Historical Markers
The Penn Relays Historical Marker
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The Penn Relays

Philadelphia and its Countryside/Lehigh Valley


Marker Location:
Franklin Field at entrance to track, Philadelphia

Dedication Date:
April 29, 1995

Behind the Marker

markerWalter Tewksbury. Alvin Kraenzlein. markerJim Thorpe. Paavo Nurmi. Jackson Scholz. Eric Liddell. Jesse Owens. Roger Bannister. Al Oerter. Don Bragg. John Thomas. Wilma Rudolph. Ron Delaney. Bob Beamon. Wyomia Tyus. Marty Liquori. Edwin Moses. Joan Benoit Samuelson. Marion Jones. Frank Shorter. Justin Gatlin. Lauryn Williams.

Runners crossing the finish line.
Varsity one-mile relay teams competing at Penn Relays College Championship,...
Olympic medalists. World record holders. Athletic legends. And all alumni of the annual Penn Relays Carnival. As is comedian Bill Cosby; the great singer, actor, and activist markerPaul Robeson; and, quite literally, tens of thousands of others for whom competing on the track at Franklin Field would be the highlight of their competitive sporting lives.

There is no other venue in all of sports quite like it. Where else can a sixth-grader–or even a seventy-year-old–take part in the same competition as the swiftest, springiest, and strongest runners, jumpers, and throwers on the planet?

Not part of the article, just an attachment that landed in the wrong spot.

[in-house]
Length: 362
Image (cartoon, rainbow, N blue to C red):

Second only to the Olympics in prestige and public awareness, the Penn Relays is not only the largest and longest-running track meet in the world, it is easily the most democratic as well. Black and white, young and old, boys and girls, men and women, the physically fit and the physically challenged, they all take part. It truly is a carnival, a route to the Olympics for some, the equivalent of a personal Olympics for the vast majority.

Penn gold medalists Nathaniel J. Cartmell, W'08 (#21) and John B. Taylor, V'08 (#23) posed with fellow members of the winning 1600 meter relay team, Philadelphian Melvin Sheppard (#24) and William F. Hamilton (#25)
The University of Pennsylvania's 1600 meter relay team, at the 1908 London Olympics.
Yet, festive as the event always is with its rainbow of school and international colors on the track and in the stands at Franklin Field, the relays' joyful name actually derives from the village of tents erected for athletes to dress in before the current brick-and-mortar stadium was completed in 1921. By the time the carnival designation was made official in 1910, the Penn Relays, already in its sport's spotlight, had barely worked up a sweat.

First staged in 1895, a year before the modern Olympics debuted in Athens, the relays have been run every year since. The idea evolved from an 1893 publicity stunt; to help boost interest in an annual track meet hosted by the University of Pennsylvania, organizers decided to run a relay race for the meet's finale.

Relays had been run before, of course, but not often; they would not become part of the Olympics until 1908. Penn's first mile relay, in which a team of four each ran a quarter mile, proved so popular that despite Penn's loss to Princeton, it was included again on the schedule for 1894, this time with the Quakers victorious.